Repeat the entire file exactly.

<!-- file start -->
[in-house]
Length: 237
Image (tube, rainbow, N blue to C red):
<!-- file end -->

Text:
[in-house]
Length: 237
Image (tube, rainbow, N blue to C red):